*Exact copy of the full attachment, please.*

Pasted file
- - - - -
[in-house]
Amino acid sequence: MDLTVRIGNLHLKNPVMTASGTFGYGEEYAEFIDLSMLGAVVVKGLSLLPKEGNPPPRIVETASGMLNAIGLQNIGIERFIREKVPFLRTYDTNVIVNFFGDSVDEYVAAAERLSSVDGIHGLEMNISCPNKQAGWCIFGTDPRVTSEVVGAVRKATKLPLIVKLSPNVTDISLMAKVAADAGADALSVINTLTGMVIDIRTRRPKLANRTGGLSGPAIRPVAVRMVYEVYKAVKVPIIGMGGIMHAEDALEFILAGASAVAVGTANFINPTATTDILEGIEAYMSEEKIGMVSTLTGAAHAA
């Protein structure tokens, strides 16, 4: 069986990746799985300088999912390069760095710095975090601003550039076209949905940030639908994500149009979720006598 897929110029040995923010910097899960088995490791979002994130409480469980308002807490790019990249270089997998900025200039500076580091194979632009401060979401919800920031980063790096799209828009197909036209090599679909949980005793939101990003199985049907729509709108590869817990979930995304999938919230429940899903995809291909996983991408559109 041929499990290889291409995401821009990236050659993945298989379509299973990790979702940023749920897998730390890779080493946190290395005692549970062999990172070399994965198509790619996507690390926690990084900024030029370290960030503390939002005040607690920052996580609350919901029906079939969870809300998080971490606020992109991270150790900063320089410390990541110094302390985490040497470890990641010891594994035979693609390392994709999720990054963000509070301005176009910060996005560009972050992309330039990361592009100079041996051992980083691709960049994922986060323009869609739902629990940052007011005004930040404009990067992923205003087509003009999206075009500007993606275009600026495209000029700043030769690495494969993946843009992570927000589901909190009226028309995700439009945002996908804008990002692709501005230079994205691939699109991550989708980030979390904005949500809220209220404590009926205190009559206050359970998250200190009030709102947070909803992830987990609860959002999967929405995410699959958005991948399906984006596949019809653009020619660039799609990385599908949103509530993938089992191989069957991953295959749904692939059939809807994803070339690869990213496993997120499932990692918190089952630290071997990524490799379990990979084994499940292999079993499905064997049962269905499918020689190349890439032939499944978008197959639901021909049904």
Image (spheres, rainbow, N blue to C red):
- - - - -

[in-house]
Amino acid sequence: MDLTVRIGNLHLKNPVMTASGTFGYGEEYAEFIDLSMLGAVVVKGLSLLPKEGNPPPRIVETASGMLNAIGLQNIGIERFIREKVPFLRTYDTNVIVNFFGDSVDEYVAAAERLSSVDGIHGLEMNISCPNKQAGWCIFGTDPRVTSEVVGAVRKATKLPLIVKLSPNVTDISLMAKVAADAGADALSVINTLTGMVIDIRTRRPKLANRTGGLSGPAIRPVAVRMVYEVYKAVKVPIIGMGGIMHAEDALEFILAGASAVAVGTANFINPTATTDILEGIEAYMSEEKIGMVSTLTGAAHAA
């Protein structure tokens, strides 16, 4: 069986990746799985300088999912390069760095710095975090601003550039076209949905940030639908994500149009979720006598 897929110029040995923010910097899960088995490791979002994130409480469980308002807490790019990249270089997998900025200039500076580091194979632009401060979401919800920031980063790096799209828009197909036209090599679909949980005793939101990003199985049907729509709108590869817990979930995304999938919230429940899903995809291909996983991408559109 041929499990290889291409995401821009990236050659993945298989379509299973990790979702940023749920897998730390890779080493946190290395005692549970062999990172070399994965198509790619996507690390926690990084900024030029370290960030503390939002005040607690920052996580609350919901029906079939969870809300998080971490606020992109991270150790900063320089410390990541110094302390985490040497470890990641010891594994035979693609390392994709999720990054963000509070301005176009910060996005560009972050992309330039990361592009100079041996051992980083691709960049994922986060323009869609739902629990940052007011005004930040404009990067992923205003087509003009999206075009500007993606275009600026495209000029700043030769690495494969993946843009992570927000589901909190009226028309995700439009945002996908804008990002692709501005230079994205691939699109991550989708980030979390904005949500809220209220404590009926205190009559206050359970998250200190009030709102947070909803992830987990609860959002999967929405995410699959958005991948399906984006596949019809653009020619660039799609990385599908949103509530993938089992191989069957991953295959749904692939059939809807994803070339690869990213496993997120499932990692918190089952630290071997990524490799379990990979084994499940292999079993499905064997049962269905499918020689190349890439032939499944978008197959639901021909049904």
Image (spheres, rainbow, N blue to C red):